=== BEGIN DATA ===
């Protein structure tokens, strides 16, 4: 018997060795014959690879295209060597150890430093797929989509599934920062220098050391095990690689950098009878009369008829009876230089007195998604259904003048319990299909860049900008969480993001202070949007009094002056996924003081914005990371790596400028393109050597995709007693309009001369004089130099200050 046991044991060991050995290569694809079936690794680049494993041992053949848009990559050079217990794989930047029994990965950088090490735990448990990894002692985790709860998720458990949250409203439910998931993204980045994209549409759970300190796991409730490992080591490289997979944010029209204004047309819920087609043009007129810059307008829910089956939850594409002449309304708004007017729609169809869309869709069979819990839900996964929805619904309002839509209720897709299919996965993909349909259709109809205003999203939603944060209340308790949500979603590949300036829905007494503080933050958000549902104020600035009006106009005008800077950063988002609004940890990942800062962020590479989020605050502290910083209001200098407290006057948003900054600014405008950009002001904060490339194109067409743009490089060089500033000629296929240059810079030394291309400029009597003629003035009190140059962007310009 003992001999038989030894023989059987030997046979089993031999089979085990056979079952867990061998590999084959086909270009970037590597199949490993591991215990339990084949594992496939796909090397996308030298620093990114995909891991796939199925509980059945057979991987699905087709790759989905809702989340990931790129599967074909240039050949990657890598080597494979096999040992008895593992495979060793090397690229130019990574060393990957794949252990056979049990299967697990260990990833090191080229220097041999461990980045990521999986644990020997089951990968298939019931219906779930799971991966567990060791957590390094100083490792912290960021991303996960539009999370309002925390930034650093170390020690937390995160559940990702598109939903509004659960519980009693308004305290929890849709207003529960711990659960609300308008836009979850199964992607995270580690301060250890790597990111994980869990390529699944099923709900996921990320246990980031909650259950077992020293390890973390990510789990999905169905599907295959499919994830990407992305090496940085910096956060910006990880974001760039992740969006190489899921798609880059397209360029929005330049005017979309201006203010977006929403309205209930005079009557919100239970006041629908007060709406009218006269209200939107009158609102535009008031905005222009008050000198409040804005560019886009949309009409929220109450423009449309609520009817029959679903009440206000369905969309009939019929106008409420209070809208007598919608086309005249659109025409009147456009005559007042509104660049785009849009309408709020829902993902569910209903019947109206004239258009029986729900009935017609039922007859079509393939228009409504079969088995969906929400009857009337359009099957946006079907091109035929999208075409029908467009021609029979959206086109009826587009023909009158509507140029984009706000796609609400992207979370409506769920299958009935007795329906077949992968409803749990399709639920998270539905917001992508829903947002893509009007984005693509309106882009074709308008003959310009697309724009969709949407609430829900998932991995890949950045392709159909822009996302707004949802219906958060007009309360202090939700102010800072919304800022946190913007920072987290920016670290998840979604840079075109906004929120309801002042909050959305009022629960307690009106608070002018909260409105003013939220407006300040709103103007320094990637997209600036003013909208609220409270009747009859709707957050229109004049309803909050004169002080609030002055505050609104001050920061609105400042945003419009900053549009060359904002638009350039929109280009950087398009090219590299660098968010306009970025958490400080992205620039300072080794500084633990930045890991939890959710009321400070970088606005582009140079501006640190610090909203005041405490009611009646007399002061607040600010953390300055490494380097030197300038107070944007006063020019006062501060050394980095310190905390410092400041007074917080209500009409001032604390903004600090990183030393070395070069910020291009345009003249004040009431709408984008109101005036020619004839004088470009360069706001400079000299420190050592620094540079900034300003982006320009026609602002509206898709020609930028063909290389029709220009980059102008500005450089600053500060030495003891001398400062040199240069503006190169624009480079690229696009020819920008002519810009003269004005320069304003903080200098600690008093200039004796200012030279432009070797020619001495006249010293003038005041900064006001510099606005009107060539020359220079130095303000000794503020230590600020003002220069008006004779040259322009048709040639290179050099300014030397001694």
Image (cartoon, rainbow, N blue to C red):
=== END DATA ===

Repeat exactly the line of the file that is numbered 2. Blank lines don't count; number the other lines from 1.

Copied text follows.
Image (cartoon, rainbow, N blue to C red):